Subscribe

Oversupply of premium wine, slower sales growth to spur discount brands, says Silicon Valley Bank forecast

The "Follow This Story" feature will notify you when any articles related to this story are posted.

When you follow a story, the next time a related article is published — it could be days, weeks or months — you'll receive an email informing you of the update.

If you no longer want to follow a story, click the "Unfollow" link on that story. There's also an "Unfollow" link in every email notification we send you.

This tool is available only to subscribers; please make sure you're logged in if you want to follow a story.

Please note: This feature is available only to subscribers; make sure you're logged in if you want to follow a story.

Subscribe

It used to be enough for U.S. wineries to make great wine and find ways to get it into the hands of consumers, but vintners large and small now are going to have to bring their marketing and efficiency A-game to survive the erosion of sales growth from oversupply and increasing competition from other drinks — and teetotaling, according to a newly released report closely watched by the industry.

It was a great year for 71% of the wineries that responded to a survey for Silicon Valley Bank’s 19th annual State of the Wine Industry report, released late Tuesday night, and for about a quarter of those optimists it was their best year ever. Yet pessimism about the marketplace rose rapidly last year, to 49% from 1% a year before.

“Today, the supply chain is stuffed. This oversupply, coupled with eroding consumer demand, can only lead to discounting of finished wine, bulk wine and grapes,” wrote Rob McMillan, founder of the bank’s wine division and author of the 71-page report. The slowing sales was exacerbated by the record 2018 California wine grape harvest and somewhat smaller 2019 crush.

But the glut will be good news for wine lovers but challenging for producers and growers, according to McMillan.

“You’d have to go back to the 2000-2001 era to see the kind of things that we’re going to have to do to clear up the supply chain,” he told the Business Journal. A ramp-up in plantings for higher-end wines to satisfy the expanding palates and bank accounts of high tech’s newly wealthy led to a big oversupply when the tech economic bubble burst in 2001. Fred Franzia came into that environment and bought hundreds of thousands of gallons of Napa Valley cabernet sauvignon in bulk at a big discount, and the result was the Charles Shaw brand sales phenomenon known originally as “Two Buck Chuck,” after its bottle price.

“You’ll see wines destined for $35 to $55 bottles sold as a private label or in (Costco Wholesale’s) Kirkland boxes, but instead of more generic Sonoma cab or pinot noir, it will be more specific Russian River Valley pinot,” McMillan said.

This could help with the problem wine has been facing with declining market share among younger consumers, compared with craft spirits and beer, both of which can cost less for comparable levels of quality.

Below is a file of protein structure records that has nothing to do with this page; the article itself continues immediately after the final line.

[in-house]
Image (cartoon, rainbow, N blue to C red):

“If there’s a silver lining in any of it, if we’re going to provide these great values at lower price points, then maybe that’ll help drive some future sales to a more interested young consumer.”

The report forecasts sales growth this year for the premium wine segment (over $9-$10 a bottle) will be 3% to 7% by value, down from 4% to 8% predicted for 2019. Actual performance averaged 5.3% in 2018 and 7.2% through September of last year, according to the bank’s analysis of financial statements.

A look under the hood at family wineries’ fiscal engines shows three-quarters had a good year, with average sales growth by quartile of 3.6%, 11.3% and 22.3%. Yet the lowest-performing quartile of vintners had negative sales growth of 7.8%.

With quartiles made up of producers of varying characteristics, the standout commonality in better performance was management acumen in increasing business efficiency and marketing prowess to understand how to reach newer generations of consumers where they are, rather than waiting for them to come to the tasting room to join the wine club, according to McMillan.

“It was not about size or even location in determining success, whether they were in Napa, Sonoma or Oregon,” McMillan told the Business Journal. “But it was wineries with dialed-in marketing teams who were looking at the marketplace and using data to look at what they needed to do then changing strategies rapidly if they need to.”

With about 60% of North Coast wineries in the bank’s latest survey relying on direct-to-consumer sales, and tasting room interactions factoring heavily into those transactions, it’s a model that needs adjustment to take the winery experience on the road to consumers, McMillan said.

“They need to start looking at the data,” he said.

The bank’s survey for the report showed that wineries are getting the message that they need to know who and where their key customers are, employing modern big-data tools to make marketing efforts as efficient as possible. Last year, 18% of respondents had an employee devoted to consumer data analysis full time and 27% part time, up from 8% and 25% in 2018.

Show Comment

Our Network

Santa Rosa Press Democrat
Sonoma Index-Tribune
Petaluma Argus Courier
Sonoma Magazine
Bite Club Eats
La Prensa Sonoma
Emerald Report
Spirited Magazine